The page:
If you stop and think about it, writing code is something that a lot of people do. You can hire someone cheaply out of college to write code and it may not be as good as an experienced software engineer, but if it’s close enough, that’s usually all you need. So if your programming acumen is the only thing that you focus on, you aren’t improving your position in the company. What matters far more are the soft skills that you have along the way. Do people enjoy working with you? Do you add something over and above your coding skill?

An example

The last time I stopped and thought about the kind of software engineer I wanted to be known as, I came up with a list of things that I wanted people to say about me on my annual review. These things reflected not necessarily what I was already doing, but what I would aspire to do in the next year. The things I wanted people to say about me on my annual review were:

  • Nicholas is fun to work with.
  • Nicholas cares about the career development of his peers.
  • I trust Nicholas to work on important projects.
  • If Nicholas is working on something, I know that it will get done correctly.
  • Nicholas is capable of learning new things quickly.

This is just a sampling of some of the things I wanted to see on my annual review at different points in time. Note that they all have to do with how others perceive me rather than the quality of the code that I wrote.

Next steps

Once you decide what you’d like to see on your annual review, the next step is to figure out how to make that happen. This is a little bit more difficult than other task-oriented goals because it relies on the opinions of other people. That being said, it’s certainly not impossible. You just need to stop and think about how your actions affect how other people see you.

Take the example of being fun to work with. Why would people say that about you? Well first and foremost, you have to be reliable. That means showing up on time, completing tasks that are assigned to you, and being a good team member. It’s not fun to work with someone who is unreliable. Assuming that you are reliable, then “fun” is achieved by having good relationships with those on your team. That means talking about things other than work, getting to know people outside of the code they write in the job that they do. It could also mean that you’re the one who starts Nerf gun wars or helps to plan team activities. The bottom line is that people enjoy working directly with you and would welcome the chance to do it again in the future.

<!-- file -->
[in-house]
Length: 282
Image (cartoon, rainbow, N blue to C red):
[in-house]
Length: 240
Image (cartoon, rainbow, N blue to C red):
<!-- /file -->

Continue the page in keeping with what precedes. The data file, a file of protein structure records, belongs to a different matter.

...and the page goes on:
You can take all of your reputation goals and break them down in that way. Almost all of them are reflections on how you interact with other people. As you go through the year, keep an eye out for interactions that run counter to your goals or strengthen them. For example, if you got into an argument with a colleague, how did that argument resolve? Did you both end up feeling resentful and not wanting to work with the other person? Or were you able to reach an understanding that was mutually beneficial? Any time and interaction doesn’t quite go smoothly, that’s a good time to review your reputation goals and see how that interaction affects them.

Conclusion

Your reputation as a software engineer matters. It’s something that you should actively seek to develop throughout your career because that’s what sets you apart from everyone else who can write the same code that you do. As you get more experienced, your reputation matters more and more, and can be the reason that you either get or miss out on new opportunities. As software engineers, we spend so much time thinking about code that we often neglect personal relationships with our colleagues. Yet our colleagues are the ones who contribute to our annual reviews and ultimately to our success. Watch your interactions with others, try to establish personal relationships with people, and frequently review your reputation goals to see if you’re on track. Hopefully at this time next year, your annual review won’t be such a big surprise.

Disclaimer: Any viewpoints and opinions expressed in this article are those of Nicholas C. Zakas and do not, in any way, reflect those of my employer, my colleagues, Wrox Publishing, O'Reilly Publishing, or anyone else. I speak only for myself, not for them.